In recent years, many people have been convinced that counting calories is not necessary if you want to lose weight and then manage your weight properly. I do not understand this view; it is, in fact, quite foolish.

Calories in food come from three macronutrients, which include carbohydrate, protein, and fat. We get about 4 calories for every gram of carbohydrate and protein we consume. In contrast, we get about 9 calories for every gram of fat consumed. You can witness this math in action on the label of any packaged food. The total calories are provided based on grams of carbohydrate, protein, and fat contained in a serving size.

Whenever we exceed our caloric needs, the body stores the excess calories as fat in specialized cells called adipocytes, which are more commonly known as fat cells. There is an odd misconception that it is primarily dietary fat that stored in fat cells; which is COMPLETELY incorrect. If you were to eat a low carbohydrate and low protein diet, the primary calorie source would be fat. And if this diet contained just 1500 calories per day, you would lose body fat mass, and perhaps develop 6-pack abs, despite the fact that 1000 calories per day might come from fat, which is clearly a high-fat diet. So, clearly, consuming a mostly fat diet in this low calorie context, would lead to weight loss, not weight gain.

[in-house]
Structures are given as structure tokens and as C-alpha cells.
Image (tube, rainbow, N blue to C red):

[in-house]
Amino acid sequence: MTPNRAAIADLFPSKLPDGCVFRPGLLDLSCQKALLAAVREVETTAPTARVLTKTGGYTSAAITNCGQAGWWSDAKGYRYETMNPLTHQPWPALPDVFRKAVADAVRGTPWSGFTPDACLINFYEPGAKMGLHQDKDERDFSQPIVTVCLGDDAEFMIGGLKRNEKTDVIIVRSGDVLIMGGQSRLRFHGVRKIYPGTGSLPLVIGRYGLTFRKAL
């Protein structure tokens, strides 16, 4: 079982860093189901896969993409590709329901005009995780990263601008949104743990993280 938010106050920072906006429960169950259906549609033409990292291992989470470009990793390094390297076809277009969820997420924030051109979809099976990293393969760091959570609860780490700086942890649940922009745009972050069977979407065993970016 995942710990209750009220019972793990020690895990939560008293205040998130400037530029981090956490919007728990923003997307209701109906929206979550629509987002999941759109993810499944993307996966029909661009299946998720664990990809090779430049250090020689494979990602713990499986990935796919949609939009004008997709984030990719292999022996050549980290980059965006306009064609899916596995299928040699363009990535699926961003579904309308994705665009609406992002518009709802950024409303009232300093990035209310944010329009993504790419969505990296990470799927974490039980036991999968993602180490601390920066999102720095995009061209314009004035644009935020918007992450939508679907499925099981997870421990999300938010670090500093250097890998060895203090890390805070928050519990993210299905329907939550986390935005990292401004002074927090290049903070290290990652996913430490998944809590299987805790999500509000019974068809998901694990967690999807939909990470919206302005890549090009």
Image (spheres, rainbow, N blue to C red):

There is a key point that must be understood based on what I described in the last paragraph. We must exceed our caloric needs in order for fat cells to accumulate stored fat calories. These excess calories most commonly come from “foods” made with sugar and flour as they make up about 40% of the total caloric intake of the average American. Excess calories from sugar and flour raise blood levels of glucose, which then gets converted into fat that stored in fat cells. Read full blog.....

Author's Bio: 

I am Dr. Seaman, I usually provides entertaining presentations that are highly educational about current health care issues. Visit